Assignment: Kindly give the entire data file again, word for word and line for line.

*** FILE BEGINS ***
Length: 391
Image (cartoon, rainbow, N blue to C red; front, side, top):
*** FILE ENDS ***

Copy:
Length: 391
Image (cartoon, rainbow, N blue to C red; front, side, top):